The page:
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Participants' Distrust Exposed in Piracy Battle

The record labels and file-sharing networks continue to be at odds over music software

December 22, 2003|Jon Healey | Times Staff Writer

With the courts making it harder for the music industry to battle online piracy through lawsuits, you might think that the major record labels would be ready to cut deals with the leading file-sharing networks, transforming them from hotbeds of illegality into revenue-generating partners.

Think again.

The gulf between the labels and the companies behind Kazaa, Blubster and other file-sharing networks seems as wide -- and impossible to bridge -- as ever. Not only are significant business and legal hurdles in the way, but there's also an ocean of bad blood between the two sides.

Label executives continue to hold hush-hush meetings with leading distributors of file-sharing software, trying to find common ground. But they also seethe at the companies' refusal to change their software in ways that might deter piracy, using words like "extortion" and "rape" to describe their situation.

Said Cary Sherman, president of the Recording Industry Assn. of America: "It reminds me of negotiating with the mob. 'If you just pay us some insurance, your storm window won't break anymore.' There's an emotional reaction to that."

For their part, executives at file-sharing, or peer-to-peer, networks are feeling frustrated, hounded and insulted. They say they've built huge followings among music fans -- an estimated 63 million people in the U.S. use their services -- but the record companies insist that they abandon this audience and start from scratch with new technology.

"I think that the peer-to-peer guys are more willing to let bygones be bygones," said one file-sharing executive who, like most of those interviewed for this story, spoke only on condition of anonymity. "But it doesn't negate the fact that we're dealing with a bunch of idiots."

The major record labels have said peer-to-peer networks are one of the biggest factors in the prolonged slump in CD sales. Total U.S. music sales -- including digital music, albums and commercially released singles -- are down 2.2% for the year through mid-December. Without the digital songs, overall sales this year are down 4.7%.

File-sharing networks made their debut in mid-1999, when the original version of Napster was launched. Within months, the major labels were suing to stop them. Three months ago the labels expanded their litigation campaign by suing hundreds of individual file sharers.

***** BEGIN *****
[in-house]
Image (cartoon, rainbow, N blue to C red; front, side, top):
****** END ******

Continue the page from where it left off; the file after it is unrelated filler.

The campaign suffered its first major defeat in April, when a federal judge in Los Angeles ruled that the Morpheus and Grokster file-sharing networks weren't in and of themselves illegal, despite extensive piracy by their users.

Then Friday, the industry lost on two more fronts: the U.S. Court of Appeals for the District of Columbia outlawed a procedural shortcut that the RIAA had used to identify file sharers, and the Supreme Court of the Netherlands ruled it legal to distribute the Kazaa software.

As a result of the U.S. ruling, attorneys say, suing file sharers will be much more cumbersome and expensive for the labels and other copyright holders. Nevertheless, the RIAA's Sherman said the labels would keep suing because these actions appear to be driving people off the networks.

File-sharing advocates counter that any drop-off is merely temporary. In fact, nearly 2.4 million people downloaded the Kazaa software from CNet Networks Inc.'s Download.com in the week ended Dec. 14. That almost matches the 2.5 million copies downloaded each week in May, before the RIAA announced plans to sue.

And in a recent survey by Encino-based E-Poll.com, 62% of the respondents said the RIAA was wrong to sue, while only 47% said it was wrong to download music without the labels' permission.

Supporters of peer-to-peer networks have proposed several ways to authorize file sharing and pay the labels, songwriters and artists for their work. The most common suggestion is for the labels to grant a blanket license to the peer-to-peer networks, and for users of the networks and related technology to pay a small monthly fee in exchange for the right to download music.

This approach could generate several billion dollars for the music industry, end the rancor over file sharing and bring about a distribution model built for the Internet age, advocates say.

Label executives, however, are quick to point out numerous practical problems. For example, they say, movie studios, game developers and other industries would demand a piece of the pot, driving up the monthly fee. And unless every file-sharing network around the globe was forced to participate, users would move to the networks that didn't charge them -- or pay royalties.

One goal of the lawsuits is to win a court ruling that forces file-sharing networks to do everything technically feasible to stop piracy. To the RIAA, that means changing the software so that it allows files to be reproduced only if the copyright owner has granted permission.

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